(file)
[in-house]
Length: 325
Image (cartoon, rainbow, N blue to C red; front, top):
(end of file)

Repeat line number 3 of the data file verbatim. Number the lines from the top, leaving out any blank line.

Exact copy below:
Image (cartoon, rainbow, N blue to C red; front, top):